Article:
The CSIRO has teamed up with Dell to deliver a new HPC cluster called "Pearcey" to support research activities in a broad range of areas such as Bioinformatics, Fluid Dynamics and Materials Science.
"We established the Foundation in 1998 in recognition of the work of Dr Pearcey in leading the CSIRO project team that built one of the world's first digital computers, CSIRAC, which still exists intact and is on display at Museum Victoria, making it the oldest surviving electronic computer in the world. It's great to see the latest in HPC at CSRIO continuing his legacy."
Pearcey is a Dell HPC system designed by CSIRO and Dell that delivers 230 nodes supporting data- intensive research and computational modeling. Below are its key features:
The manager for Dell APJ HPC, Andrew Underwood, said "It's vitally important we work closely with our customers to make sure we architect the right solution for their needs, and Pearcey is the result of more than three years of close collaboration with CSIRO's Information Management and Technology team to clarify their objectives, and consolidate their infrastructure."
"High performance computing facilities such as Pearcey are an integral part of the advanced information and communications technologies that enable CSIRO science to solve real issues." said Angus Macoustra, executive manager of Scientific Computing at CSIRO. "Pearcey joins our portfolio of scientific computing facilities - these world class computing and storage services are essential to the delivery of CSIRO's research portfolio and allow us to accelerate research impact and delivery to CSIRO's customers compared to past systems."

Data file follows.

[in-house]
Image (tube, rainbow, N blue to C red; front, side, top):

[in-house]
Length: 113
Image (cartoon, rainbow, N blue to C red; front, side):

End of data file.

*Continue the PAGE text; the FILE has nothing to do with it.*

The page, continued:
One CSIRO researcher benefiting from using Pearcey is Dr. Dayalan Gunasegaram, a CSIRO computational modeler who is using Pearcey for the modelling work behind the development of an improved nylon mesh for use in pelvic organ prolapse (POP) surgery, which has the potential to benefit the one in five Australian women that have surgery for the condition at some point in their lives.
"Current mesh implants that haven't been well designed for this purpose can lead to pain and discomfort, so we've teamed up with researchers from Monash University to develop an improved mesh for supporting prolapsed organs and treating the condition more effectively," Dr. Gunasegaram said.
"Using the high performance computing capability of the Pearcey cluster we can simulate the stressful forces a patient would experience, such as during coughing or running, and model a variety of different situations to assess the mesh under stress."
The new leading-edge computing hardware has helped to accelerate the research which would have taken longer without the specialized Pearcey cluster.
"With thousands of processor cores available, Pearcey allows us to do more finite element analysis computations within a given time, which means we're able to advance to the next stage of testing much sooner than if we didn't have something so powerful.
"The computer simulations allow us to better understand the cause-and-effect relationships between mesh parameters, such as pore size and their expected in-vivo performance after implantation, and really focus on the areas with the most influence.
"By focusing on these areas, we're able to reduce the amount of physical testing we need to carry out on animals and humans, and the associated ethical and financial costs," Dr. Gunasegaram continued.